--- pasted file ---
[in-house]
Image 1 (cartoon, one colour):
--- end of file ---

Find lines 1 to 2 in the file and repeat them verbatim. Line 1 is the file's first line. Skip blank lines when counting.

[in-house]
Image 1 (cartoon, one colour):